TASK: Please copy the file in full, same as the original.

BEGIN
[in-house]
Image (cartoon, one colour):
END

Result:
[in-house]
Image (cartoon, one colour):